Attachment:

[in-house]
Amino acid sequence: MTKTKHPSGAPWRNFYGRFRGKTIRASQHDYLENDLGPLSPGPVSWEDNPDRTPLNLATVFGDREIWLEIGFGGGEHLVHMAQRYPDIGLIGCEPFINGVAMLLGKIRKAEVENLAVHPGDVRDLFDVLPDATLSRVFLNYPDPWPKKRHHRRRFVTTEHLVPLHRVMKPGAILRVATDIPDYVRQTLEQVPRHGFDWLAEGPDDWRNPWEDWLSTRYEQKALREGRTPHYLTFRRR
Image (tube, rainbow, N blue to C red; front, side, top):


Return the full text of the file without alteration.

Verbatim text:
[in-house]
Amino acid sequence: MTKTKHPSGAPWRNFYGRFRGKTIRASQHDYLENDLGPLSPGPVSWEDNPDRTPLNLATVFGDREIWLEIGFGGGEHLVHMAQRYPDIGLIGCEPFINGVAMLLGKIRKAEVENLAVHPGDVRDLFDVLPDATLSRVFLNYPDPWPKKRHHRRRFVTTEHLVPLHRVMKPGAILRVATDIPDYVRQTLEQVPRHGFDWLAEGPDDWRNPWEDWLSTRYEQKALREGRTPHYLTFRRR
Image (tube, rainbow, N blue to C red; front, side, top):